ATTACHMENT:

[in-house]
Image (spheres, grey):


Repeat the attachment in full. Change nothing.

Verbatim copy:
[in-house]
Image (spheres, grey):